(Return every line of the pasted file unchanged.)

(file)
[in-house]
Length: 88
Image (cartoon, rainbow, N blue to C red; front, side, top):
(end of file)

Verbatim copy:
[in-house]
Length: 88
Image (cartoon, rainbow, N blue to C red; front, side, top):